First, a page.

In 2020, as the pandemic swept through the United States, many of its nearly 58,000 hotels remained solvent in part by deferring planned capital expenditure (CapEx) spending wherever possible, transferring allocated resources to operations and/or debt payments.
A CapEx study released in December 2020 by Bjorn Hanson of the NYU School of Professional Studies Jonathan M. Tisch Center of Hospitality bears this out. According to Hanson, capital expenditure spending dropped from almost $7.3 billion in 2019 to about $2 billion in 2020, just over a quarter of what hotels spent the year prior. This is the lowest reported annual CapEx total since Hanson began these studies in 2005. The earliest previous low was $2.7 billion in 2010. From 2012 to 2019, CapEx had been steadily rising, reflecting a robust new-build pipeline and a buoyant industry.
The CapEx spending that did occur last year was focused on pandemic-related expenses like improved air filtration, cleaning and sanitation equipment, necessary technology to support guest communications and contactless services, or emergency repairs in key areas like HVAC or roofing. Moreover, part of this survival strategy further relied on “raiding” FF&E budgets, especially as major brands relaxed demands for PIPs and remodel cycles.
The CapEx and FF&E Balancing Act Continues
The industry is now presented with important practical and strategic considerations, as COVID-19 is still very much a threat, even with vaccine distribution. Hoteliers are moving into another year that will again be extremely challenging for the hospitality industry as it relates to both occupancy and ADR, especially for larger, convention- and group-sale driven properties in mature, urban markets. Moreover, although many drive-to markets are faring relatively well, how quickly will organized business travel ramp back up?
Certainly, many new builds that were already underway pre-COVID-19 have opened or are continuing through development; and other property owners are taking advantage of reduced occupancies to conduct already scheduled and funded PIPs.
While one might think that reduced occupancies would result in less wear and tear and, accordingly, less need for capital expenditures, early reports from the field are not encouraging. Many chemicals used for the new sanitation and cleaning protocols, including by guests, are causing deterioration of furniture and furnishings, reducing their “curb appeal” and useful life. Also, as Hanson noted in his report, funds will be needed to support the move to less carpeting, more hard surfaces for the floors of rooms, as well as conversions to walk-in showers, in the name of longevity and ease of cleaning.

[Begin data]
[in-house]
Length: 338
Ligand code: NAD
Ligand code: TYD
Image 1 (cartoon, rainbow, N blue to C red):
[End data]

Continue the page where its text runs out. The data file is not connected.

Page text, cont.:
Lastly, property owners who peg CapEx spending as a percentage of operating revenues will have less CapEx funds available should occupancies remain depressed. As a result of these COVID-19 factors, hotel CapEx and FF&E larders are likely to remain skimpy for many, but not all, hospitality entities. According to a CapEx study from the International Society of Hospitality Consultants (ISHC), capital expenses each year average over 7 percent of a hotel’s gross revenue, a mark that may be extremely hard to maintain. Potential alternate financing mechanisms for CapEx and FF&E are worth considering.
PIP Dance: Slow Waltz or Jitterbug?
Will hotel entities have enough financial resources to cover CapEx and FF&E allocations for the next year or two? Will brands continue to relax or lengthen remodel/property improvement cycles, or possibly rethink, in concert with franchisees and their property and asset managers, the way hoteliers go about PIPs for remodels and conversions?
Realistically, there are several paths forward.
In some cases, hotel portfolios will remain financially constrained and ownership will find it difficult to make debt service and, thus, fund planned CapEx and FF&E projects. In other cases, well-financed entities may display confidence in the long-term appeal of hotel investments and proceed with PIPs to enhance their competitive posture. This approach would particularly apply to already attractive properties in favorable resort and recreational destinations. It remains to be seen if major brands will work to resume customary PIP cycles and ask previously deferred ones to now be executed.
Another attractive possibility is that the hotel industry would advocate with Congress for more favorable tax treatments, including for capital investments and other segments of the investment stack.
Purchase price and CapEx (along with FF&E) are the only revenue flows directly controlled by the owner, making it imperative at the present time for many owners to carefully marshal those CapEx expenses. Regardless, the name of the game in CapEx and FF&E is always to get the most results for the buck in an area that is critical to product differentiation, even within a given brand.
While searching for such value, many owners will go above formula, or even brand standards, to gain an improved competitive position in a given market. Historically, such entrepreneurship has propelled the industry forward—enhancing the look and feel, the guest appeal, and the possibilities of a hotel experience.
It will be interesting to see how these dynamics play out and what they reveal about the strategies employed by creative owners in this challenging era for hospitality.